I have a technical enquiry, to which an answer would be helpful to myself and a
great many acquaintances and friends. I will pose the question below, but introduce
the nature of the subject matter first. I belong to a community of hobbyists that
make, modify, and repair special effects units ("pedals") for electric guitars and
other similar musical instruments. As is the case with many hobby enthusiasts, we
like to bring some of our handiwork along when visiting friends. In some instances,
people will attend trade shows and bring prototypes along to show others. The
devices in question will normally be situated within a small metal enclosure (to
screen out electrical interference from transformers and such), with controls
mounted on the outer surface, and contain electronic circuit boards, and usually a 9
volt battery supply. Sometimes, they look professionally made, and other times the
appearance can be somewhat amateurish, depending on the skills of the builder. If
you consult this webforum thread -
Pictures! - you will be able to
see literally thousands of examples of what I'm talking about. Of course, as
slightly unusual objects, these will no doubt elicit much closer scrutiny by
screeners, that can be intimidating to the owner of the device, and frustrating to
those behind them in line who may be delayed by such extra scrutiny. We understand
the purpose of such scrutiny, and support it. of course, that does not make it any
less uncomfortable or inconvenient. What I am wondering about is what sort of
procedure to follow when transporting such devices that might give baggage screeners
and any other security personnel the sorts of assurances of passenger/flight safety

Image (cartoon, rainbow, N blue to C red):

that they need to confirm for EVERY traveller/flight, while at the same time
providing the least possible inconvenience and delay? Is there some way that any
traveller carrying such items can prepare them for easier and less disruptive
inspection, while still permitting the same rigour? For example is it preferable to
remove any batteries from the device prior to boarding? Should they be stored with
regular baggage or openly presented with carry-on? Alternatively, is the best thing
simply to avoid baggage screening completely and mail the devices ahead of time? I
ask these questions sincerely on behalf of a community of over 10,000 people
world-wide, many of whom have expressed either frustration with past experiences at
airports, or some trepidation about bringing such items with them, lest they find
themselves detained for questioning. I am sure you are aware of the many
folk-legends that abound about people being detained for hours over innocuous items.
We're just trying to find a way to balance air security, national security, and our
love of our hobby. Any simple and straightforward advice you can offer to achieve
that will be deeply appreciated. I know many of my builder friends are perhaps less
skilled at drafting such a query, so I'm hoping your reply will permit me to set
things straight for them with an authoritative reply.

Thank you in advance. Mark Hammer Ottawa


And here is what they wrote back:

Dear Mr. Hammer,

On behalf of the Canadian Air Transport Security Authority (CATSA), we thank you for